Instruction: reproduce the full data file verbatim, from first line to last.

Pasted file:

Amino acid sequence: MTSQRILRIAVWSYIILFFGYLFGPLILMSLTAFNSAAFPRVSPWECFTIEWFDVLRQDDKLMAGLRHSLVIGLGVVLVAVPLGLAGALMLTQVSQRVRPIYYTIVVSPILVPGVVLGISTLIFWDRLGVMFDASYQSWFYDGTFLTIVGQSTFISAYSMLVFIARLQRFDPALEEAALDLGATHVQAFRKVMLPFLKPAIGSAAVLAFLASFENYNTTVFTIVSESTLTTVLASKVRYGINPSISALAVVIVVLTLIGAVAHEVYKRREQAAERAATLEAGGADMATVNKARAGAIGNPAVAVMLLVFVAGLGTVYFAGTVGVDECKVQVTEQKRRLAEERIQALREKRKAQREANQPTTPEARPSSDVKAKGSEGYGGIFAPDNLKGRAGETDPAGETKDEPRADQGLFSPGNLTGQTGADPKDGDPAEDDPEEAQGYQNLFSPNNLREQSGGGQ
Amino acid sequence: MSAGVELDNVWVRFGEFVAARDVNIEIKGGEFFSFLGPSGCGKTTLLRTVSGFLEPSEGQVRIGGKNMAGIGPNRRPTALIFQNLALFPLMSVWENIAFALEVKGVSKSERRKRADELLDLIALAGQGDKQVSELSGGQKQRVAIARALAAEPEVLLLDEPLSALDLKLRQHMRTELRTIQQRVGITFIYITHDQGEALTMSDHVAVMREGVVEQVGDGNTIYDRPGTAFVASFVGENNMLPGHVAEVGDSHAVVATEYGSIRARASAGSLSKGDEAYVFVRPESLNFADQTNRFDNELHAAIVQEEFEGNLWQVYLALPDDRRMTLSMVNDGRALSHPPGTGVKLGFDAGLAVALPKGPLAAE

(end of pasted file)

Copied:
Amino acid sequence: MTSQRILRIAVWSYIILFFGYLFGPLILMSLTAFNSAAFPRVSPWECFTIEWFDVLRQDDKLMAGLRHSLVIGLGVVLVAVPLGLAGALMLTQVSQRVRPIYYTIVVSPILVPGVVLGISTLIFWDRLGVMFDASYQSWFYDGTFLTIVGQSTFISAYSMLVFIARLQRFDPALEEAALDLGATHVQAFRKVMLPFLKPAIGSAAVLAFLASFENYNTTVFTIVSESTLTTVLASKVRYGINPSISALAVVIVVLTLIGAVAHEVYKRREQAAERAATLEAGGADMATVNKARAGAIGNPAVAVMLLVFVAGLGTVYFAGTVGVDECKVQVTEQKRRLAEERIQALREKRKAQREANQPTTPEARPSSDVKAKGSEGYGGIFAPDNLKGRAGETDPAGETKDEPRADQGLFSPGNLTGQTGADPKDGDPAEDDPEEAQGYQNLFSPNNLREQSGGGQ
Amino acid sequence: MSAGVELDNVWVRFGEFVAARDVNIEIKGGEFFSFLGPSGCGKTTLLRTVSGFLEPSEGQVRIGGKNMAGIGPNRRPTALIFQNLALFPLMSVWENIAFALEVKGVSKSERRKRADELLDLIALAGQGDKQVSELSGGQKQRVAIARALAAEPEVLLLDEPLSALDLKLRQHMRTELRTIQQRVGITFIYITHDQGEALTMSDHVAVMREGVVEQVGDGNTIYDRPGTAFVASFVGENNMLPGHVAEVGDSHAVVATEYGSIRARASAGSLSKGDEAYVFVRPESLNFADQTNRFDNELHAAIVQEEFEGNLWQVYLALPDDRRMTLSMVNDGRALSHPPGTGVKLGFDAGLAVALPKGPLAAE